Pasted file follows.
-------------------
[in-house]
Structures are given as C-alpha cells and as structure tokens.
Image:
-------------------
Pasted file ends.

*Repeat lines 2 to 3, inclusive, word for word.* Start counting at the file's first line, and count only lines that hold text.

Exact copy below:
Structures are given as C-alpha cells and as structure tokens.
Image: